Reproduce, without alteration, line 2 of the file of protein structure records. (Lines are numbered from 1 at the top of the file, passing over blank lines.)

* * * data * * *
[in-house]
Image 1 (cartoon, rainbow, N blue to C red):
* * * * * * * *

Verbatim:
Image 1 (cartoon, rainbow, N blue to C red):